7. A timepiece according to claim 6, wherein said preselector and said driving mechanism work together in such a way that when the preselector is in said position of normal operation said driving mechanism can be manipulated between two positions respectively locking and unlocking rotation of said preselector, with the locking position capable of being secured.

8. A timepiece according to claim 7, wherein said preselector has a position of accelerated advance in which the manipulation of said driving mechanism makes the digital read-out elements advance at a speed such that the hour indicated advances by one hour in less than five seconds.

9. A timepiece in accordance with claim 7, wherein said preselector has a position of accelerated advance in which the manipulation of said driving mechanism makes the digital read-out elements advance ata speed such that the minute indicated advances by one minute over a period between a half a second and five seconds.

10. A timepiece according to claim 7, wherein said preselector has a position of accelerated advance in which the manipulation of the driving mechanism makes the digital read-out elements advance at a speed which is twice the speed of normal operation.

11. A timepiece according to claim 7, wherein said preselector includes a stop position in which the manipulation of the driving mechanism stops the advance of the digital read-out elements.

12. A timepiece according to claim 7, wherein said 7 preselector has sequentially following the normal position at least four adjacent operating positions which are a position in which the manipulation of said driving mechanism stops the advance of the digital read-out elements; a position in which the manipulation of the driving mechanism makes the digital read-out elements advance at a speed which is twice that of normal operation; a position in which the manipulation of the driving mechanism makes the digital read-out elements advance at a speed such that an advance of one minute is brought about during a period of between ahalf a second and 5 seconds; and aposition in which the manipulation of the driving mechanism makes the digital read-out elements advance at a speed such that an advance of 1 hour is brought about in less than 5 seconds.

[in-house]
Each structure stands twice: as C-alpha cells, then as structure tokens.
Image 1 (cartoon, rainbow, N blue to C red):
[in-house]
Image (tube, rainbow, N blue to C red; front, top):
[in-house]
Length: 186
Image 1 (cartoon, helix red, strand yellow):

13. A timepieceaccording to claim 7, wherein said preselector further includes a position in which the manipulation of the driving mechanism causes a resetting of the digital read-out elements to a predetermined time.

14. A timepiece according to claim 7, wherein said preselector further includes a position in which the manipulation of the driving mechanism causes an advance of the digital read-out elements which is exactly equal to 1 hour.

15. A timepiece according to claim 14, wherein said preselector also includes a position in which the manipulation of the driving mechanism causes a setting back of the digital read-out elements by exactly 1 hour.

16. A timepiece according to claim 7, further comprising digital read-out elements indicating the calendar date as well as the time, said preselector having a further position in which the manipulation of said driving mechanism causes an advance of said digital readout elements by one day of the month.

17. A timepiece according to claim 6, wherein said preselector also includes a position in which the manipulation of said driving mechanism causes a setting back of said digital read-out elements by one day of the month.

18. A timepiece according to claim 16, wherein said preselector includes a position in which the manipulation of the driving mechanism causes the digitalreadout elements to advance by one month.

19. A timepiece according to claim 16, wherein said digital read-out elements indicating the calendar date comprise digital read-out elements for the days of the week, said preselector including a further position in which the manipulation of said driving mechanism causes said digital read-out elements to advance by one day of the week.

20. A timepiece according to claim 19, wherein said positions of the preselector are broken down, starting with the position of normal operation according to an order such that there are successively presented: the positionof normal operation; a position of resetting to a predetermined fixed time; a position of advance by 1 hour; a position of setting back by 1 hour; a position of advance by one day of the month; a position of setting back by one day of the month; a position of advance by one month; and a position of advance by one day of the week.